OpenAI Exploited Low-Paid African Workers to Train ChatGPT’s AI System

ChatGPT, the AI chatbot garnering massive attention across the tech space as of late, has a dark history. According to explosive revelations made by Time magazine, OpenAI, the research lab behind the disruptive chatbot technology, used the labour of Kenyan workers to review sexually and violently explicit content in order to train the algorithm to avoid toxic language.

Before ChatGPT’s linguistic capabilities could be used by the general public, the AI system was first manually taught to avoid blurting out inappropriate text by receiving examples of violent, sexual, and racist content that could be found on the internet, and then filtering it out. To do such a task, OpenAI contracted Kenyan workers through San Francisco-based company Sama, which provides data interpretive services for AI systems to various tech giants such as Microsoft, Google, and Meta.

OpenAI signed three contracts with Sama worth around $200,000 in 2021, and provided the company with thousands of fragmented text extracted from some of the internet’s darkest corners for data labelers to comb through and feed into the algorithm. The content “described situations in graphic detail like child sexual abuse, bestiality, murder, suicide, torture, self harm, and incest,” Time reported.

According to interviews with Sama employees and internal discussions between Sama and OpenAI reviewed by Time, the data labelers were paid a paltry wage between $1.32 and $2 per hour, depending on performance. One of the workers— whom spoke on the condition of anonymity, told the magazine that they began experiencing disturbing visions after reviewing a graphic description of someone having sexual intercourse with a dog whilst a child watched nearby. “That was torture,” he said. “You will read a number of statements like that all through the week. By the time it gets to Friday, you are disturbed from thinking through that picture.”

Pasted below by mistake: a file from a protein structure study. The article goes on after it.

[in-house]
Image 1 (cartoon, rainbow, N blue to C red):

Within a nine-hour shift, the workers said they were expected to comb through roughly 150 to 250 such pieces of text, each ranging between 100 to 1,100 words. OpenAI also hired Sama in 2022 to conduct an unrelated task to ChatGPT, this time to probe through explicit images. The subcontractor ended up cancelling the contract eight months earlier than previously planned, after its Kenyan workers discovered content deemed illegal under US law.

“Some of those images were categorized as ‘C4’—OpenAI’s internal label denoting child sexual abuse—according to the document. Also included in the batch were ‘C3’ images (including bestiality, rape, and sexual slavery,) and ‘V3’ images depicting graphic detail of death, violence or serious physical injury, according to the billing document,” wrote Time magazine.

Earlier in January, Sama said it won’t review such explicit content going forward, and instead divert efforts towards annotating data for AI system vision solutions. “We have spent the past year working with clients to transition those engagements, and the exit will be complete as of March 2023.”

As AI ethicist Andrew Strait observes, “They’re impressive, but ChatGPT and other generative models are not magic— they rely on massive supply chains of human labor and scraped data, much of which is unattributed and used without consent.” He concluded, “these are serious, foundational problems that I do not see OpenAI addressing.”

Information for this briefing was found via Time magazine and the sources mentioned. The author has no securities or affiliations related to this organization. Not a recommendation to buy or sell. Always do additional research and consult a professional before purchasing a security. The author holds no licenses.

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